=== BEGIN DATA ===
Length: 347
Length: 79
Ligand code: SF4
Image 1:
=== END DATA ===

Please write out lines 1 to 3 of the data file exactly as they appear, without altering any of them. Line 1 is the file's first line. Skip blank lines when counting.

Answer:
Length: 347
Length: 79
Ligand code: SF4